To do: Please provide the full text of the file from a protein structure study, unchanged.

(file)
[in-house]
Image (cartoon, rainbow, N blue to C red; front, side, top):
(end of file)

[in-house]
Image (cartoon, rainbow, N blue to C red; front, side, top):